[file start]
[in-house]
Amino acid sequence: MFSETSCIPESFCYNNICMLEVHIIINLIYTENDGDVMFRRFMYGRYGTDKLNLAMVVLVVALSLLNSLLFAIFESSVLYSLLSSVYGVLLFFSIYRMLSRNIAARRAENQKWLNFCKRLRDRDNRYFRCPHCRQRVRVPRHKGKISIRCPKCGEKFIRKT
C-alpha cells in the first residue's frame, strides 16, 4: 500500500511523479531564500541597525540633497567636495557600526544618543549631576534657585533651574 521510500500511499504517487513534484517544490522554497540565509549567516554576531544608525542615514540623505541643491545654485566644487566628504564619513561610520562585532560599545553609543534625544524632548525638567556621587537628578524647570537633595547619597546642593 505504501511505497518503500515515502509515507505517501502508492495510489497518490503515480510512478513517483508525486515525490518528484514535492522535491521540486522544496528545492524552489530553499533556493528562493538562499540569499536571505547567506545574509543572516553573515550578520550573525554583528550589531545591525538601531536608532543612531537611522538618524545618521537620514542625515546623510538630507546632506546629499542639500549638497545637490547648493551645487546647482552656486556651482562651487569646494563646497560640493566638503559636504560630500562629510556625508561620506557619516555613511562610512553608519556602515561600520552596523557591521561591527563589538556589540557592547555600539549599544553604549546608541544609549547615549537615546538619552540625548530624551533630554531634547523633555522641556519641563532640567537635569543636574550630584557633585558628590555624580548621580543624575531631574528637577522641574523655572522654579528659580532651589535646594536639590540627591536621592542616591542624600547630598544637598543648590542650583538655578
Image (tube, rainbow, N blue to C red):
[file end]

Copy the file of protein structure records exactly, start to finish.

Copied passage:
[in-house]
Amino acid sequence: MFSETSCIPESFCYNNICMLEVHIIINLIYTENDGDVMFRRFMYGRYGTDKLNLAMVVLVVALSLLNSLLFAIFESSVLYSLLSSVYGVLLFFSIYRMLSRNIAARRAENQKWLNFCKRLRDRDNRYFRCPHCRQRVRVPRHKGKISIRCPKCGEKFIRKT
C-alpha cells in the first residue's frame, strides 16, 4: 500500500511523479531564500541597525540633497567636495557600526544618543549631576534657585533651574 521510500500511499504517487513534484517544490522554497540565509549567516554576531544608525542615514540623505541643491545654485566644487566628504564619513561610520562585532560599545553609543534625544524632548525638567556621587537628578524647570537633595547619597546642593 505504501511505497518503500515515502509515507505517501502508492495510489497518490503515480510512478513517483508525486515525490518528484514535492522535491521540486522544496528545492524552489530553499533556493528562493538562499540569499536571505547567506545574509543572516553573515550578520550573525554583528550589531545591525538601531536608532543612531537611522538618524545618521537620514542625515546623510538630507546632506546629499542639500549638497545637490547648493551645487546647482552656486556651482562651487569646494563646497560640493566638503559636504560630500562629510556625508561620506557619516555613511562610512553608519556602515561600520552596523557591521561591527563589538556589540557592547555600539549599544553604549546608541544609549547615549537615546538619552540625548530624551533630554531634547523633555522641556519641563532640567537635569543636574550630584557633585558628590555624580548621580543624575531631574528637577522641574523655572522654579528659580532651589535646594536639590540627591536621592542616591542624600547630598544637598543648590542650583538655578
Image (tube, rainbow, N blue to C red):